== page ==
GLOUCESTER - Big ideas, small cast: That's Lee Blessing's hallmark, both in his best-known play, "A Walk in the Woods," and elsewhere. The formula can produce powerfully condensed, emotionally and intellectually stimulating drama, but it can also come across too obviously as just that: a formula.
Both the virtues and the weaknesses of Blessing's methods are on display in "Going to St. Ives," which is receiving a crisp and often riveting production from Gloucester Stage artistic director Eric C. Engel. Just two characters share the stage: May N'Kame, the mother of the vicious dictator of an unnamed Central African nation, and Dr. Cora Gage, the British ophthalmologist to whom she has traveled for urgent surgery. But it's not just these women we're watching; for good and ill, "Britain" and "Africa" are characters for Blessing, too.
What's good is that the playwright engages us in thinking about the lingering effects of empire on the places and people it subjugates, about the complexities of applying any culture's ethics to any other culture's circumstances, and about the inextricable links between personal and political acts. What's more problematic is not just that these huge themes sometimes assert themselves too bluntly, at the expense of character and story, but that Blessing's thinking about them is sometimes too schematic, too polarized, too neat.
These may be two sides of the same problem: Black-and-white thinking often leads to black-and-white writing, a trap that's even easier to fall into when you're writing, as Blessing is, about relationships between blacks and whites. Happily, though, Gloucester's production has two actresses who go a long way toward adding nuance both to the play's ideas and to their expression through character.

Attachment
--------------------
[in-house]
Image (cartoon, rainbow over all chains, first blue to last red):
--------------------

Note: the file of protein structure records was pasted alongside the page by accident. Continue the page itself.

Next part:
Jacqui Parker has the juicier role, as the guarded, imperious mother whose feelings toward her monstrous but devoted son are even more complicated than you might imagine - are, indeed, so complicated that they propel the central, startling plot turn that it would be unfair to reveal. Lindsay Crouse, meanwhile, must act out every cliche of repressed, stiff-lipped Britishness; particularly in the second act, when the scene shifts from Cora Gage's genteel sitting room in St. Ives, near Cambridge, England, to May N'Kame's garden in her nameless nation, the doctor is reduced to a shrill, repetitive caricature.
Even so, Crouse makes her interesting to watch as she wrestles with a series of ethical and personal quandaries. And the prickly, complex relationship between the two women evolves in surprising but satisfying ways, with both revealing more wit, warmth, ruthlessness, and fury than you might at first suspect.
The week of rehearsals leading up to last weekend's opening was reportedly difficult, with illness contributing to delays in getting the show fully prepared. At the Friday night performance I saw, Engel warned the audience that both actresses might occasionally need to call for help with lines; both did, with Parker also sipping water to help an ailing voice. But the emotional force, committed passion, and intelligence of their performances overcame these small distractions; it's a treat to see two such subtle and versatile actors working together, even on an off night.
Gloucester's production further enhances the play with carefully attuned design choices. Jenna McFarland Lord's simple but effective sets provide damask and antique china for Cora, weathered paint and mismatched teacups for May. Gail Astrid Buckley dresses the doctor in suitably muted neutrals, while unleashing a dazzling array of pattern and color for May's vivid tunics and headdresses.
Underneath it all, Dewey Dellay's sound design combines hints of European and African harmonies with birdsong and crickets to create a world that's neither First nor Third, but an evocative mix of the two. The result is haunting, feeling almost familiar yet fresh, like a half-remembered, redirected metaphor from a nursery rhyme. In short, it's just right for "Going to St. Ives."
Louise Kennedy can be reached at email@example.com.